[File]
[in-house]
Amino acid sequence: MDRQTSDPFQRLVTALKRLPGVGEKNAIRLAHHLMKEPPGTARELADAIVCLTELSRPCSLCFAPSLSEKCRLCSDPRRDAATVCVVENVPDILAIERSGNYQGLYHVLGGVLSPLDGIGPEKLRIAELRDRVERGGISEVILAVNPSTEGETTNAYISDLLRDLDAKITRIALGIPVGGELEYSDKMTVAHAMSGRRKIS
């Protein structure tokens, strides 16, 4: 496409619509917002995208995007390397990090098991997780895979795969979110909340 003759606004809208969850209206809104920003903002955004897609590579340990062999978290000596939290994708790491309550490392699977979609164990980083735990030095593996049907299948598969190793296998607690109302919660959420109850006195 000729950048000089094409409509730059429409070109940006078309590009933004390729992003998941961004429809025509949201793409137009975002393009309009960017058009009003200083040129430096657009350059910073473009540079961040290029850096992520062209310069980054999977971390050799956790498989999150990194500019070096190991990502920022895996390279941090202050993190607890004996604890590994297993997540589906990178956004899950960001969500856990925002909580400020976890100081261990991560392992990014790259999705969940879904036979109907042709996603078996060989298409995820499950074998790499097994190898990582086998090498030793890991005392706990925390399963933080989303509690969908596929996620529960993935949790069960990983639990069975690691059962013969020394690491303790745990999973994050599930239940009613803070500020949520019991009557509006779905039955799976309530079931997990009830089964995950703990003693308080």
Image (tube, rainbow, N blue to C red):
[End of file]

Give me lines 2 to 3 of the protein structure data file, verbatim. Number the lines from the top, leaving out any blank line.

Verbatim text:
Amino acid sequence: MDRQTSDPFQRLVTALKRLPGVGEKNAIRLAHHLMKEPPGTARELADAIVCLTELSRPCSLCFAPSLSEKCRLCSDPRRDAATVCVVENVPDILAIERSGNYQGLYHVLGGVLSPLDGIGPEKLRIAELRDRVERGGISEVILAVNPSTEGETTNAYISDLLRDLDAKITRIALGIPVGGELEYSDKMTVAHAMSGRRKIS
């Protein structure tokens, strides 16, 4: 496409619509917002995208995007390397990090098991997780895979795969979110909340 003759606004809208969850209206809104920003903002955004897609590579340990062999978290000596939290994708790491309550490392699977979609164990980083735990030095593996049907299948598969190793296998607690109302919660959420109850006195 000729950048000089094409409509730059429409070109940006078309590009933004390729992003998941961004429809025509949201793409137009975002393009309009960017058009009003200083040129430096657009350059910073473009540079961040290029850096992520062209310069980054999977971390050799956790498989999150990194500019070096190991990502920022895996390279941090202050993190607890004996604890590994297993997540589906990178956004899950960001969500856990925002909580400020976890100081261990991560392992990014790259999705969940879904036979109907042709996603078996060989298409995820499950074998790499097994190898990582086998090498030793890991005392706990925390399963933080989303509690969908596929996620529960993935949790069960990983639990069975690691059962013969020394690491303790745990999973994050599930239940009613803070500020949520019991009557509006779905039955799976309530079931997990009830089964995950703990003693308080």